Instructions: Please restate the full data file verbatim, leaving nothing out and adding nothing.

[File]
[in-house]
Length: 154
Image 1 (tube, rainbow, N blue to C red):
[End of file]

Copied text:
[in-house]
Length: 154
Image 1 (tube, rainbow, N blue to C red):